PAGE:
Management is a broad field that makes it difficult to establish accurate data. The BLS reports on the occupation of Administrative Services and Facilities Managers, of which there are 322,000 employees. The group refers to managers who direct, plan, and coordinate an organization or company’s activities. Logically, there are many more than 322,000 management positions in the nation. For example, the BLS states that there were 161,700 human resources managers in 2020; general and operations managers numbered 2,347,420; and 681,700 Financial Managers (May 2020).

Accountants take on various accounting tasks, from tax preparation to auditing and consulting to forensic accounting investigations, according to the United States Bureau of Labor Statistics (BLS). The field of private accounting, which has more in common with business management roles, can include roles in management accounting, cost accounting, and other corporate accounting job duties. Further, accounting students gain skills and specialized knowledge that can position them for non-accounting jobs such as financial examiner, financial analyst, and budget analyst.

If you think accountants can’t work in management roles, you might be surprised. Senior management positions in Certified Public Accounting (CPA) firms often offer six-figure salaries. Roles like finance manager, controller, and Chief Financial Officer (CFO) are all possibilities for accountants with plenty of ambition, experience, and education. However, many general business majors find themselves underemployed after graduation, working in roles that don’t require a college degree or aren’t relevant to their field of study. On the other hand, accounting majors can immediately start out working in junior accountant roles and work their way up to senior accountant and management positions, especially if they choose to attain an advanced education or professional certification along the way. Business administration degree programs might prepare students for eventual management roles, but they still need to gain the work experience that will help qualify them for leadership opportunities.

Because accounting is a more targeted degree path than general business doesn’t mean students miss out on learning business foundations. Accounting degree programs require core coursework in a variety of business subjects.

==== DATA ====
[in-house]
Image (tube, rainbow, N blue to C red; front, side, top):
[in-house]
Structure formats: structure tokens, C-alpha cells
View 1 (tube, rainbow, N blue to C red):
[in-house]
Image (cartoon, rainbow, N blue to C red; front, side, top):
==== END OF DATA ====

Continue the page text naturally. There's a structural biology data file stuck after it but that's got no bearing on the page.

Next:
High Job Demand

Even during economic downturns, accounting has a consistently low unemployment rate. During profitable and less-than-profitable times, individuals and businesses still require help with their financial reporting needs. Career prospects are strong for graduates of a bachelor’s degree program in accounting, but they are even better for those who pursue a graduate education.

According to U.S. News & World Report, the recruiting process for candidates with a master’s degree in accounting often begins before they have even started their graduate-level studies. It’s not unusual for schools to begin working with students who have been admitted to the master’s in accounting program to improve their recruitment prospects over the summer before the students start grad school. Within the first few weeks of accounting students’ first term, recruiters may already be on campus to meet face-to-face with potential employees.

Another consideration is choosing an MBA or a master’s in accounting. The former typically studies marketing, finance, operations management, and business ethics. The Master of Science in accounting delves deeper into taxation, forensic accounting, auditing, and risk management. The business choice may provide greater flexibility in career paths; in contrast, accounting takes you primarily into auditing, forensics, and taxes. Also, do you have the aptitude for numbers, equations, tax forms, and financial statements? The chances are that long before you reach the crossroad of accounting and business, students will know which degree suits their career goals.

Overall, jobs for accountants and auditors will grow at an average rate of 7 percent or the turnover in 96,000 jobs through 2030, the BLS reported. Financial managers have a job outlook of 17% growth or a change in 118,200 over a decade. This statistic supports the degree in accounting that includes management classes. The May 2020 BLS data state that 98,570 out of 681,700 work in the Credit Intermediation and Related Activities industry.

Deciding if accounting is more beneficial to a business degree may be a personal decision based on personality. Some business programs stress leadership skills, which mean public speaking. Not all people feel comfortable communicating orally with superiors or groups. In comparison, tax accountants can perform their work with relative autonomy among small groups. However, the accountant can enjoy both worlds by assuming a management position in an accounting department.

Additional Resources 

What Is the Difference Between an Accounting Degree and a Business Degree?

What Is the Difference Between a Master of Business Administration Degree and a Master of Accounting Degree?

What Is the Difference Between an Accounting Degree and a Finance Degree?